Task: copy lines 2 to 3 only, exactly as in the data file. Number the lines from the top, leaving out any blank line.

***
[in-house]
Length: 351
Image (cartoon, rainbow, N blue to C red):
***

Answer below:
Length: 351
Image (cartoon, rainbow, N blue to C red):